After Brick Kiln, 200 Child Workers Rescued From Bangle Factories In Hyderabad

The bangle factories prefer to use children for their nimble fingers and sharp eyes as they deftly stick small glittering stones on bangles made of lac.
Highlights
  • Most children rescued from bangle factories are aged between 8 and 14
  • The children belong to Bihar, Bengal and Assam
  • Crackdown is part of

By Roli Srivastava

Mumbai: Nearly 200 child workers, some as young as eight, were rescued from bangle factories in Hyderabad over the last week, as part of a crackdown that will continue until the end of the month, police said on Tuesday.

Most children rescued were aged between 8 and 14 and came from Bihar, Bengal and Assam, said officials who are part of “Operation Smile”, a national movement to tackle child labour and missing children.

“We are investigating the nexus between the employers and the traffickers,” said Swathi Lakra, additional commissioner of police in Hyderabad, who is monitoring the rescue operations.

“In many cases, parents are only too willing to send their children for work, which works well for the traffickers.”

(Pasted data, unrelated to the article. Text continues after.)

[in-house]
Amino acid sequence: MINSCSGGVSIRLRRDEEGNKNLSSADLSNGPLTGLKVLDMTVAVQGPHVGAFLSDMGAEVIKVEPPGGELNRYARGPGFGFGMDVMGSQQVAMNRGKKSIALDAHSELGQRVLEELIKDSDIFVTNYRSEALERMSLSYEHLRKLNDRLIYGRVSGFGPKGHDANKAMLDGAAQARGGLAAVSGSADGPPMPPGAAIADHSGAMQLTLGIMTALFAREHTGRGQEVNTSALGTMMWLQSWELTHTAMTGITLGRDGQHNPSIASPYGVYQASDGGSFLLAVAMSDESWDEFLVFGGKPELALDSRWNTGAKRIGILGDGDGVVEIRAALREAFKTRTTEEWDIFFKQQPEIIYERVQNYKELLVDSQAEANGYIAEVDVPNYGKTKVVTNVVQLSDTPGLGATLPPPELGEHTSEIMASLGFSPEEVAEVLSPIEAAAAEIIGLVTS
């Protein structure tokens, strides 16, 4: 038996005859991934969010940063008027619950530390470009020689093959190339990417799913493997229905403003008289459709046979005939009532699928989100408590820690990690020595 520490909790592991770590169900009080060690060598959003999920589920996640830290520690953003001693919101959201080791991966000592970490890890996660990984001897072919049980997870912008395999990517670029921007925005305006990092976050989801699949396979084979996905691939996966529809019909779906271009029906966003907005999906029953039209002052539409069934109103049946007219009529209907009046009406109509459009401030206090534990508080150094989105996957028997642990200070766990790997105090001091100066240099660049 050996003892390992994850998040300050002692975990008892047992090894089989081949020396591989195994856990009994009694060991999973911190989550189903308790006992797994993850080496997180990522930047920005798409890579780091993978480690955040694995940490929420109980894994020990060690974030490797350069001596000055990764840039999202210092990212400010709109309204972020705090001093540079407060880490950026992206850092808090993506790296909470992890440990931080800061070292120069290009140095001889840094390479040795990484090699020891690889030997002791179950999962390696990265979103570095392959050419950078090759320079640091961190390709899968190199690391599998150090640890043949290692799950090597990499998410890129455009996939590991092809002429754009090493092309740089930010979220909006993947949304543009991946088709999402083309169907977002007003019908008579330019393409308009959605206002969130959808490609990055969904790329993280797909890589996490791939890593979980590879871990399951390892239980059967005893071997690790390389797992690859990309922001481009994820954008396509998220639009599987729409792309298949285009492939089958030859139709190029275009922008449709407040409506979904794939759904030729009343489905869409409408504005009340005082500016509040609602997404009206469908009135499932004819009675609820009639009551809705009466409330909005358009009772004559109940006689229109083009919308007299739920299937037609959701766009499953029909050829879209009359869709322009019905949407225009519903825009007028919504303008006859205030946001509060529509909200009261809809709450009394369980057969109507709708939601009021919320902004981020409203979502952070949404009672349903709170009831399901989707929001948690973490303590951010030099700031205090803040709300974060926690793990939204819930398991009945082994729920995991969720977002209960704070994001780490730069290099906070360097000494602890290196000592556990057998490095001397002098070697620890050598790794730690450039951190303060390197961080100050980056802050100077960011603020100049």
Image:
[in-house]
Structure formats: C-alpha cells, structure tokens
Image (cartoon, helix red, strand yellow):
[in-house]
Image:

Earlier this month, around 200 children, most of them aged under 14, were freed from a brick kiln about 40 km from Hyderabad, capital of Telangana state.

Activists said the southern states of Telangana and Andhra Pradesh had become hubs for child labour and child trafficking.

But the rescues, carried out as month-long special drives by the police and child rights charities twice a year, have brought the numbers down.

“Over 2,000 children have been rescued from Hyderabad alone since 2015 and the numbers in each drive have gradually been declining,” Mohammed Imtiaz Raheem, Hyderabad district’s child protection officer, told the Thomson Reuters Foundation.

In 2015, the International Labour Organization (ILO) put the number of Indian child workers aged between five and 17 at 5.7 million, out of 168 million globally.

More than half work in agriculture and over a quarter work in the manufacturing sector, the ILO said.

In Hyderabad, the bangle factories prefer to use children for their nimble fingers and sharp eyes as they deftly stick small glittering stones on bangles made of lac that are popular with tourists around the historical monument of Charminar.

“Most of the children rescued were from the Old City where most bangle factories are located. We also found children working in furniture shops and hotels,” Ms Lakra said.

The rescued children are currently staying at a shelter home and will be sent back to their families in their homes states.

Last year, more than 200 children aged 6 to 14 were rescued from the bangle factories of Hyderabad. Local media reported that children complained of respiratory illnesses as they worked long hours in a small windowless room.

© Thomson Reuters 2017

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